Do Sneakers and Power Jackets Really Make A Madam Vice President?
The Vogue magazine controversy over the appropriate cover photo, showing “Madam Vice President! Kamala Harris And The New America” brings to center stage the issues for women of the meaning of authenticity, approachability, and authority.
The fashion and political press commentary concerning this brouhaha, have used terms such as “disrespectful and diminishing” to our first female, women of color Vice President.
Fashion aside! What can we as women, baby boomers, millennials, and indeed all women, learn from this Vogue magazine cover dilemma?
Women are conditioned based on their generation to view an image of a female public figure and then determine and define her authenticity and approachability. Is it really sneakers, a sometimes-giddy laugh, or the proper placement of hands and arms that really makes us decide who is competent and trustworthy? Is proper lighting, power colors the essential optics to determine who has genuine authority? Do we understand how our implicit biases and pre-conditioning makes us decide what female leadership should look like? Do we realize how complicit we are in helping to perpetuate a static image of a female leader’s authenticity, approachability, and authority?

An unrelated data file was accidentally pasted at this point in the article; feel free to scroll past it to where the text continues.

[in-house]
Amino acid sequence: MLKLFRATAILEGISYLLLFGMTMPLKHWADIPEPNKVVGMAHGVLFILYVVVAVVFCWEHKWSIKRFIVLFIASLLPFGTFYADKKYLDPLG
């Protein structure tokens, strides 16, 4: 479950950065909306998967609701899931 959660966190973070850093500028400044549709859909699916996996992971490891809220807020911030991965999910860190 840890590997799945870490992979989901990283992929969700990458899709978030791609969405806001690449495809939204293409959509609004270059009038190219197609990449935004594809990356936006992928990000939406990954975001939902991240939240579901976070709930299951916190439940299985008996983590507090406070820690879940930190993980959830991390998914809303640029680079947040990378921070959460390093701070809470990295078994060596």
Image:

Implicit in the question of approachability is the expectation of likeability. Women and especially men, require women on a public stage in a predominately male arena to be likable as well as strong and competent. Undermining likeability and authenticity include the descriptions “she is angry, ambitious, phony and more.”
I’m a baby boomer who confesses to my implicit biases and succumbing to the optics of color, style, hair color and cut and yes, looking the part! I am on an exciting, evolutionary journey, however, despite my generation’s conditioning, to see what will emerge as a new style and image of a successful female leader.
I love the idea of sneakers, new power colors, and no more inaugural ball gowns!